A Meaning of Nothingness
One day I was making my way to the Children’s Hospital, traveling via the adult 7th floor to the 7th floor on Children’s. To my shock, I saw that the usual bustling 7E neurosciences unit was absolutely empty and even quiet!
For the past 7 years (sorry I used that number again), I had had some of my most challenging and difficult visits on this floor. My memory tells me that we had two beloved staff members die from that unit, Vinnie and Jewel, among many other patients who had the hard road of coping with a malignant brain tumor, brain cancer or even a stroke or brain hemorrhage. 7 East was no place for the faint-hearted.
As I walked through 7 East this day, I was overcome with the tremendous silence and non-activity and nothingness. This unit, known for its non-stop activity and admission and discharges, had been discharged itself to the 9th floor of the MUSC Medical Center. 7 East as I knew it was gone. 7 East was now full of nothingness.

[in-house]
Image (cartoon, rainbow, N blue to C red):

I was touched in my heart by remembering the hard visits and the dedicated staff who once inhabited this place but no longer lived there. I sensed a feeling of loss and a sense that something had dramatically changed. The unit went from being Everything to Nothing; not really but it just felt that way.
To my surprise I found a serendipitous spiritual jewel. I found the silence and emptiness allowed me to feel freer and even open to the Spirit and that still small voice of God. The emptiness was now allowing me to feel a full sense of openness, and “organized chaos” no longer prevailed. Peace and tranquility found their way to my heart, at least until 7 East was renamed and reimaged. I wondered who would fill this void?
Dear God, help us all to be aware of the changes that are constantly happening around us on a daily basis. Give us eyes to see and ears to hear in the “nothingness” places of our lives. Amen.
-- Chaplain George M. Rossi